A Preferred-Habitat Model of the Term Structure of Interest Rates
We model the term structure of interest rates as resulting from the interaction between investor clienteles with preferences for specific maturities and risk-averse arbitrageurs. Because arbitrageurs are risk averse, shocks to clienteles' demand for bonds affect the term structure---and constitute an additional determinant of bond prices to current and expected future short rates. At the same time, because arbitrageurs render the term structure arbitrage-free, demand effects satisfy no-arbitrage restrictions and can be quite different from the underlying shocks. We show that the preferred-habitat view of the term structure generates a rich set of implications for bond risk premia, the effects of demand shocks and of shocks to short-rate expectations, the economic role of carry trades, and the transmission of monetary policy.
We thank Markus Brunnermeier, Andrea Buraschi, Pierre Collin-Dufresne, Peter DeMarzo, Giorgio Fossi, Ken Garbade, Robin Greenwood, Moyeen Islam, Arvind Krishnamurthy, Jun Liu, Vasant Naik, Anna Pavlova, Jeremy Stein, seminar participants at the Bank of England, Chicago Fed, ECB, LSE, Manchester, New York Fed, Tilburg, Toulouse, UCLA, and participants at the American Finance Association 2008, Adam Smith Asset Pricing 2007, Brazilian Finance Association 2008, Chicago 2008, CRETE 2008, Gerzensee 2007, Imperial 2007, NBER Asset Pricing 2007, and SITE 2006 conferences for helpful comments. We have especially benefited from an extensive set of insightful comments by John Cochrane, and from a communication by Xavier Gabaix on linearity-generating processes. Financial support from the Paul Woolley Centre at the LSE is gratefully acknowledged. The views expressed in this paper are those of the authors and not of Bank of America Merrill Lynch, any of its affiliates, or the National Bureau of Economic Research.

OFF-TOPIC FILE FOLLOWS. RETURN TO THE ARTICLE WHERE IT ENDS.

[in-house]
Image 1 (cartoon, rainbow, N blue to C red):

Dimitri Vayanos & Jean‐Luc Vila, 2021. "A Preferred‐Habitat Model of the Term Structure of Interest Rates," Econometrica, Econometric Society, vol. 89(1), pages 77-112, January. citation courtesy of